The school focuses on an individual approach to every child. Taking academic achievement very seriously, the staff works hard to balance education with arts, music, drama and sports.
Hereford Cathedral School (Hereford) – Co-educational
One of the oldest schools in the world was founded in the 7th century. It provides children with a world-class education, ensuring that all pupils are real-world ready. Students achieve impressive examination success and go onto leading universities.
Mander Portman Woodward – Co-educational
A group of colleges in London, Cambridge and Birmingham offers a distinctive alternative to traditional schools, with bespoke solutions for A level and GCSE students. The programmes are tailor-made to maximise students’ chances of academic success.
Stamford Endowed Schools – Single-gender and co-educational
The school is co-educational until the pupils are 11 years old. After 11, they go to either the school for boys or girls. It is done to tailor the experience more closely to the individual students and optimise their learning. However, students from the two schools mix together in many co-curricular activities, such as music and drama. At Sixth Form, they return to a co-educational environment between 16-18.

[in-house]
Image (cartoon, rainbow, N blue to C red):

Burgess Hill Girls (Sussex) – Girls only
100% of the school facilities, curriculum and philosophy are designed to provide girls with all the skills and opportunities they need to fulfil their potential in life. The holistic approach to education produces extremely confident young women who believe they can be whatever they want to be.
Woodbridge School (Woodbridge) – Co-educational
The school is focused on the all-round development of children, inspiring them to be creative, ambitious, determined and independent. The school is equipped with exceptional facilities, including outstanding green spaces, sports amenities, resource centres, boarding house, professional theatre and music school, as well as bright, modern classrooms, labs and ICT rooms.
Bosworth Independent College (Northampton) – Co-educational
Bosworth is a multicultural and diverse school with excellent teaching and individual support. Students regularly win Olympiad and enter the country’s top universities.
Oswestry School (Oswestry) – Co-educational
Founded in 1407, it is one of the oldest non-denominational schools in the country and stands on the border of England and Wales. It is set on 50 acres of its grounds and boasts some of the most beautiful countrysides in Britain on its doorstep.
Rochester Independent College (Kent) – Co-educational
A real alternative to traditional schools where teenagers are treated as young adults. There’s no uniform, and students and staff are on first name terms. The school is proud of its outstanding Mathematics and Science teaching, as well as Creative Arts.
Contact us for more information about the schools and enrolment.